PRI to be more ‘hands-on’ with signatories as it seeks identity refresh 

The UN-backed Principles for Responsible Investment (PRI) is in the process of an identity refresh as it looks to shift its primary function away from driving ESG accountability among investors (which it has been doing for the past two decades) to facilitating collaboration.  

In an interview with, the organisation’s chief sustainable systems officer Nathan Fabian says the pivot is necessary “in a world where regulators of financial services are stepping in and where they have the actual substantial mandate on supervision”.  

The PRI’s signatories have all committed to a set of responsible investing standards, including practicing active ownership and encouraging appropriate ESG disclosures internally and in companies they invest in.  

Now a network of some 5,500 asset owners, investment managers and service providers, the PRI’s expansion is a good indicator that responsible investment is becoming increasingly mainstream. But Fabian says this development has also caused a lot of divergence in ESG approaches from investors. 

“If you put all of those things together, it’s easy to understand why there’s accusations of greenwashing and even pushback on ESG in some quarters,” he says. 

“Even though that anti-ESG is a politically motivated campaign, there are reasonable questions around who is doing what and why on responsible investment. 

“There’s an acceleration of practice and diversity, and our role is better served in helping signatories’ progress. 

“So we’re trying to move away from accountability being the primary basis of our relationship to our assistance to signatories’ progression being the primary basis of what’s valuable about the PRI, which means providing collaborative spaces.” 

Fabian says working closer on the ground with prospective emerging markets signatories will be a focus in the year ahead. The PRI just made new hires in the Middle East and Africa, and while it has an established team in South Africa, the organisation is looking to ramp up its presence ahead of the Brazil COP 30 in 2025.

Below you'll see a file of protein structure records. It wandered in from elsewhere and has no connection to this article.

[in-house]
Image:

Working with developing world signatories requires a different approach, Fabian says. 

“[In these markets] You’ll have some managers with foreign capital, and you’ll have some who are maybe managing a little bit of sovereign savings. When that’s the dynamic, there’s a smaller base of local investors to work on that financial system on incorporating ESG,” he says. 

“So what we’re finding is that we need to work with a broader range of collaborators, and much more time spent with regulators, stock exchanges, and international development finance institutions.” 

For example, stock exchanges can bring together listed companies, financial advisors and regulators on ways to improve market infrastructure, Fabian says. He concedes that these are not usually the priority partners for the PRI, but they are essential if the organisation “wants to do something meaningful around the role of [responsible] finance in emerging markets”. 

“In the past, we would have just recruited the big signatories to be part of the PRI, provided some guidance, and allowed them to start developing their practice,” he says. 

“But we just realised we need to be far more present, far more hands on, bring in far more expertise and share much more dialogue.” 

With that said, the work is far from done in developed markets. The US Securities and Exchange Commission (SEC) last month stayed the implementation of its climate-related disclosures by public companies in the face of multiple legal challenges from attorney generals of several Republican-led states.  

“The US is a difficult place at the moment,” Fabian says.  

“I don’t believe there’s any doubt in the minds of investors in the US about the importance of climate disclosure for their investment activities… and I think the SEC, by attempting to bring forward a climate disclosure rule, also believe that’s relevant to investors into companies. 

“The fact that the speed of transitioning on fossil fuels is the source of a political argument is not surprising. We’ve seen that in lots of countries of the world over the past few years, and the Americans have not fully emerged from that argument. 

“But that’s a transition issue. Investors will still expect companies to disclose, whether the SEC makes the rule or not, and I think they’ll default to the ISSB standards.” 

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